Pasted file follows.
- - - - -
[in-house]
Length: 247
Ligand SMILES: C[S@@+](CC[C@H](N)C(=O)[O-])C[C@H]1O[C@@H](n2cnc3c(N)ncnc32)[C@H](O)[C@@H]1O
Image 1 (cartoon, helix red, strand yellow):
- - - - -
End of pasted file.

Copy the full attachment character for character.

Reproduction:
[in-house]
Length: 247
Ligand SMILES: C[S@@+](CC[C@H](N)C(=O)[O-])C[C@H]1O[C@@H](n2cnc3c(N)ncnc32)[C@H](O)[C@@H]1O
Image 1 (cartoon, helix red, strand yellow):